Last updated on November 20th, 2023
Featured image: Don’t go hungry! Discover what to eat in Flanders, Belgium | Photo by RossHelen on Envato
Seven Places to Find Homestyle Food In Belgium
by Sandra Phillips
Vacation time is not the time to think about diets. It’s time to enjoy life and splurge on calories. Flanders, the northern part of Belgium, is the perfect place to feast on real food. You can dine, slurp and drown in butter, cream and farm-fresh food. Best of all, Flanders is small enough that you can hop on the train from city to city (Brussels, Antwerp, Ghent or Bruges) in an hour or so and be able to get a good taste of each one.
Start by snacking on the memorable Belgian frites (friturs) served in a cone and popularly dipped in mayonnaise; they have a unique flavour, as they are fried in a special blend of beef and horse fat. Interestingly for the growing Muslim population, some fry stands have switched to vegetable oil, so make sure you are getting the vrai fries when you buy them.
The Flemish air is permeated with the aroma of chocolate, since every street sports a chocolate shop, and you won’t be able to resist for very long. Don’t worry about putting on any weight – the cities are beautiful and very walkable, so you will work off those calories all day long. I lost about five pounds on the trip.
Traditional Belgian frites in a cone / Photo by Stan Posner
What to eat in Flanders, Belgium: Seven restaurants with delicious food
Chez Leon is located on touristy rue des Bouchers in Brussels, with the Vanlancker family satisfying customers for over 120 years. They have large shareable portions and do mussels a dozen different ways, from buttery garlicky pizza-y-topped ones to nutmeg or curry flavourings. You could try the authentic waterzooi (yummy stew) or rabbit or turkey made in frieke (raspberry beer). The extensive and reasonably priced menu goes on to seabream omelets or liege salad with beans potatoes and bacon. Wash it all down with Leon house beer.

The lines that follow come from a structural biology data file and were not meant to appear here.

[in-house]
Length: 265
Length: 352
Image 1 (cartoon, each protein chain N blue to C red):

I sampled half en half, a Brussels specialty made from half white wine and half champagne at the ornately gorgeous Taverne Cirio. You might want to try Cantillon Brewery’s lambic beers like Kriek and Gueuze, which have been unchanged since the brewery was founded over a century ago. Those with a sweet tooth might fall in love with the Tripel Karmeliet from Buggenhoot, which (don’t barf) has hints of banana, vanilla and bubblegum. You’ll be torn between deciding whether to sit inside and absorb the antiquity or savour the drinks on the patio. Beer drinking is so paramount here that beers are served in their own signature glasses.
If you’re a serious beer drinker, then head for the Délirium Café located in an alley near the Jeanneke Pis (Mannekin Pis’ sister) statue, which has been listed in the Guinness World Records for serving 2,004 brands of beer from about 60 countries. It’s hard to miss since there are pink elephant symbols above the doorway.
A highlight was a pit stop at Laurent Gerbaud’s chocolate shop. Gerbaud was sent to the Shanghai World Expo to show off the sweet talents of Belgium. After arriving, he discovered that the Chinese were not used to so much sugar; he revised his recipes and started to work on tart and bitter tastes.
He mixes South African Barrrydale apricots, Persian cranberries, Turkish figs, pepper, spicy ginger or orange peel with dark 70% chocolate from Madagascar and Ecuador. His salute to Belgians’ love for speculoos (gingerbread) is to roll a truffle in the crumbs. I see him as a chocolate “pusher”, for once you get addicted to his intense flavour combos, it is very hard to go back to sweetened chocolate.
Cheesy mussels at Chez Leon / Photo by Stan Posner
Sampling Tripel Karmeliet at Taverne Cirio / Photo by Stan Posner
Packing a box of our selected Belgian chocolates at Laurent Gerbaud’s chocolate shop / Photo by Stan Posner